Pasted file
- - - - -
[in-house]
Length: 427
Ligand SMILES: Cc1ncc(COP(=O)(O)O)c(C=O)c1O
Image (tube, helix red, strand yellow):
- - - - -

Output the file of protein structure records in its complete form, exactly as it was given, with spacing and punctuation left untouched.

[in-house]
Length: 427
Ligand SMILES: Cc1ncc(COP(=O)(O)O)c(C=O)c1O
Image (tube, helix red, strand yellow):